In cases of severe, widespread or persistent eczema, your GP should consider referring your child to paediatrics or dermatology for a specialist review. An allergy should also be suspected when eczema is very resistant to treatment. Sometimes severe flare ups in children may also require an admission to hospital: wet wraps are sometimes used, where bandages soaked in emollients are applied, to constantly replace moisture as well as making it impossible to scratch!


I’m going to talk a little bit about the different types of emollients, as there are so many out there that it can be difficult to know what is best to use on yourself or your child.

The main problem I encounter with emollients is that they are underused: I can completely understand how this happens, as applying creams over the whole of your body several times daily is time consuming, messy and inconvenient, let alone chasing after an irritable toddler who hates having creams applied. However, if applied regularly, they can reduce itching, and reduce the number of flare ups leading to a reduced need for topical steroid treatment. In eczema, emollients should be used continuously, even after a flare up has cleared.

Emollients can be classed on their water content, or greasiness(!) as follows:

Lotions  – Creams/gels - Ointments
Least greasy – Most greasy

Non-greasy emollients i.e. lotions are easier and quicker to apply, and sink into the skin leaving minimal residue. However, the greater water content of an emollient, the more preservatives must be added which may cause irritation to very sensitive skin, and as they are less effective at replenishing the skin with moisture they must be applied more regularly.

A common lotion that may be prescribed by your GP is E45 lotion (not a first line emollient as it does not provide enough of a barrier).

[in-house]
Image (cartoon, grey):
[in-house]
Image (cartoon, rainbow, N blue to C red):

Greasy emollients i.e. ointments are thicker, messier and more time consuming to apply, and leave a greasy residue on the skin. However, they contain less or no preservatives and are more effective emollients, so require less frequent application.

Some common ointments that may be prescribed by your GP are emulsifying ointment or Zeroderm ointment.

For many people, creams, the ‘middle of the road’ in terms of greasiness, are a happy medium.

Some common creams that may be prescribed by your GP are Epimax cream, Aquamax cream, Zerocream, Soffen cream, Ultrabase cream, Zerodouble cream or Oilatum cream. Some other well known creams such as Diprobase, Doublebase and Cetraben may also be prescribed but as they are similar to some of the creams mentioned above, but more expensive, they may only be offered if the first-line recommended creams do not suit you.

As a rough guide, the recommended quantity of emollient used for a child with generalized eczema is 250-500g per week (quite a large amount!)

Remember to use a soap substitute and bath additive as well as an emollient, as soap can dry out and irritate eczematous skin. Your regular emollient may be suitable for this, or your GP can prescribe these in addition. When I worked in the paediatrics department, one consultant used to always suggest adding a handful of oats or oatmeal to a bath (the active ingredient in Aveeno) – effective, if you can cope with fishing them out of your plughole afterwards!

I’m going to quickly slip in a note regarding costs of emollients, as most commissioning groups (the powers above that decide how much of the NHS budget each GP practice area can have) now stipulate some creams that cannot be prescribed on the NHS by GPs, as they are not proven to be any more effective than similar creams and cost the NHS significantly more. These rules are different in different areas of the UK, just to complicate things. As an example, in the area that I work, Aveeno cream is no longer prescribable other than in special circumstances (it costs the NHS £11.33 per bottle vs £2.49 for Epimax cream, which adds up to a lot extra over a year’s worth of prescriptions). This often causes frustration to parents, especially if they have had Aveeno on prescription in the past and are now being declined it, so I thought it would be useful to explain why this is.

Please let me know if you have any questions about anything I have mentioned in this post, and I hope it has been useful to you! Next month’s post will be my last for RMF for the time being, as in the next few months I will be both completing my GP training and welcoming my second baby into the world! I’ve really enjoyed being part of the RMF team this year, and thank you all so much for your wonderful positive comments every month.

Hannah x

{Childhood Eczema}

How To Diagnose And Treat Childhood Eczema

Image by Little Beanies.